“It sounds callous to say that,” says Greg Crane, a former law enforcement officer and security consultant who founded the ALICE Training Institute (Alert, Lockdown, Inform, Counter, Evacuate) after the 1999 Columbine massacre. The Ohio-based organization has helped train staff at more than 1,000 colleges and universities, including UNCC. “But purely from a statistical basis … through the actions of individuals and police, we saw a totally different outcome than we had at Virginia Tech. It’s still a tragedy, but it’s a win.” Crane says the immediacy of the UNCC police response time is “almost unheard of.”

But in recent years, Crane and other security experts have emphasized the importance of not depending on law enforcement response alone. UNCC trains everyone in the campus community on the “Run, Hide, Fight” model, says Smyre, who recently finished a three-year term as chair of the UNCC Security Committee. The model, popularized in 2012 by the City of Houston, is now standard for many workplaces and schools. It prioritizes citizen reactions to an ongoing active shooter incident: first, flee if you can. If you can’t flee, find a safe place to hide, turn off the lights, and turn off your device. As a last resort, ambush the shooter by rushing him or using anything at hand as a weapon—the route chosen by Howell and, on Tuesday, 18-year-old Kendrick Castillo during a shooting at a STEM school in Colorado.

The university has spread information about the tactics as widely as possible in the last several years as it’s adopted other measures, such as an expanded on-campus shuttle system, card-swipe access to buildings, and additional outdoor lights. “It needed to be an entire culture shift, and we needed buy-in from the entire university—students, faculty, and staff,” Smyre says. “It doesn’t do us much good to have all these procedures in place if nobody knows what they are.”

The university has also encouraged everyone on campus to download the free LiveSafe app, which, among other features, allows people to communicate around the clock with law enforcement by call or text—an active shooter situation is “not an opportune moment for a phone call,” Smyre says. The app carries NinerAlerts, the emergency notification system that pushes messages over campus email, by text, on social media, on the UNCC website, and over the university’s more than 8,400 computer and TV screens.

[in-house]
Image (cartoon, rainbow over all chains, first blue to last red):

“I think we’ve done everything possible,” Chancellor Dubois said during the May 1 news conference, then acknowledged the practical limits of preparation on a large campus: “I don’t think you can stop a determined assailant and still have an open campus, and we’ve chosen to have an open campus.”

Smyre, who earned her bachelor’s degree in 2003 and her master’s in 2007, can remember her own student days at UNCC, when campus security was considerably looser. Now, as a campus police lieutenant, she struggles emotionally with the new reality—the seeming concession that at least some deaths may be inevitable in a mass shooting, the push-pull of sadness over two deaths and relief that the two weren’t 20, or 33.

“I’ve definitely spent a lot of time over the past week reflecting, probably more than I should,” she tells me. “I wish we could eradicate evil. It’s just the reality we live in.”